Mayor calls on councils to amend Black Country Plan to save green belt

Half of the region's green belt that has been allocated for homes can be saved if council chiefs follow recommendations in a new brownfield study, Andy Street has said.

West Midlands Mayor Andy Street
West Midlands Mayor Andy Street

An independent review commissioned by the West Midlands Mayor has urged councils to make better use of brownfield sites in the push to meet the region's housing target.

And Mr Street said he believes around half of the 7,700 homes planned for the green belt could be built on old industrial land.

He urged local authorities to urgently amend the Black Country Plan to save the green belt, and said building homes in town and city centres could see "vibrancy" return to run down areas.

Mr Street told the Express & Star: "The review endorses a lot of the work the councils have done with the Black Country Plan (BCP).

"But it does identify ways in which more can be made of existing brownfield sites, resulting in less green field land being taken to meet the region's housing target.

"One of the key areas is strategic centres, where it is clear that we need to increase the pace of redevelopment to take more housing.

"I am hoping the councils respond to this review by amending their plan and are able to protect more of the green belt as a result."

Mr Street said around half of the homes planned for the green belt could be taken out of the BCP, although he conceded that preparing brownfield sites for development would require "major regeneration".

The review, which was carried out by Chilmark Consulting, suggested councils could target sites such as underused car parks and vacant town and city centre buildings for housing.

It said more than 1,000 extra homes could be built in West Bromwich town centre, while around 800 new homes could be created in Wolverhampton city centre by converting floorspace above shops.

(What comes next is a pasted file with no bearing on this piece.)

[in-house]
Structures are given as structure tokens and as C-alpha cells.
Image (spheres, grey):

Conservative councillor Ellis Turrell said the review "makes a mockery" of Wolverhampton Council's claim that "every inch" of brownfield land in the city had been utilised.

"The council now has a choice between building on large swathes of our city’s greenbelt or reversing the decline of the city centre by boosting footfall," he said.

City council leader Ian Brookfield said the findings of the review reiterated the authority's "brownfield first" message.

He said: "Only 11 per cent of land in Wolverhampton is green belt and keeping as much of this green belt as possible is hugely important to our new climate strategy and supporting our carbon neutral challenge.

"While shaping the future of housing and the growth of businesses, we will do everything we can to protect our precious green spaces."

Councillor Mike Bird, leader of Walsall Council and the West Midlands Combined Authority's lead for housing, said the study was "positive in its tone and shows support for the Black Country Plan".

He added: "Consideration will be given to the suggestions it sets out in terms of the potential for additional brownfield development."

All four council leaders in the Black Country are lobbying ministers to reassess the Black Country's housing target of 77,000 homes.

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